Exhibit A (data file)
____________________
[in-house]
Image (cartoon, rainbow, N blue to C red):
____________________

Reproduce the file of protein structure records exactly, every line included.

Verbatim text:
[in-house]
Image (cartoon, rainbow, N blue to C red):